The CSU group has found that illumination subspaces are different enough for different people that they can be used effectively in face recognition. They have used illumination subspaces to correctly match individuals in the Yale and Carnegie Mellon University Pose, Illumination and Expression (CMU-PIE) databases with 100 percent accuracy.
Best accuracy comes from comparing groups of photographs. First, a database is built using several photographs of each person. Then a few pictures of some person under different lights are compared to the database.
Researchers use the computer to determine the distances from the shape that correspond to the new pictures to the different illumination subspaces stored in the database. The person whose subspace is closest to the pictures is considered a match. This “set-to-set comparison” technique appears to work better than normal industry practice.
Where to go from here
Dr. Chris Peterson said they are taking advantage of the fact that, as Peterson puts it, “computers have their own ways of perceiving.”
“People are good at pulling pertinent information from complicated scenes,” Peterson said. “Computers are good at extracting information from lots of simple scenes. Computers can discover patterns that aren’t apparent to us.”
Though results so far have been as good as possible, the largest publicly available database, with the variations in illumination that the CSU group needs, consists of only 67 people.
That doesn’t measure up to the hundreds of people required for a system to be taken seriously in the National Institute of Standards and Technology (NIST) Vendor Test, the industry standard test for face recognition systems.
The CSU group needs more data.
Privacy concerns and industrial secrecy make large sets of pictures of the type they need hard to come by, so the CSU group has decided to develop their own data set. This is the first project for the brand-new Pattern Analysis Lab at CSU.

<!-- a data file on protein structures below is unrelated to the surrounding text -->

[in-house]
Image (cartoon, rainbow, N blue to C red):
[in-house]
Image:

The Pattern Analysis Lab consists of two small, windowless rooms on the second floor of the math building. One room holds only a massive computer and the computer’s refrigerator-sized power supply.
The computer has 40 processors, 160 gigabytes of random access memory (RAM) and 10,000 gigabytes of storage memory. For those who are less tech-savvy, new home/laptop computers generally have 1-4 gigabytes of RAM and 80-500 gigabytes of storage memory.
The other room holds monitors, lights and cameras, as well as a hard-to-come-by Fischer-Price record player.
“The most important piece of equipment,” Dr. Michael Kirby joked.
Researchers put plastic jack-o-lanterns on the turntable and turn the lights on to experiment with varying lighting and pose in their photographs.
Most people might find the computer impressive, but Chang emphasizes that it’s not the computer or the props that make a system powerful. Instead, ideas make the system work.
“It’s the power of the math behind it,” Chang said. “You could have thousands of supercomputers, bad math, and it’s not going to do anything.”
You can check out the Pattern Analysis Lab for yourself by contributing your face to the project. More information is available at the project’s website, www.math.colostate.edu/~kirby/DATA%20SETS.html.
Staff writer Beth Malmskog can be reached at firstname.lastname@example.org.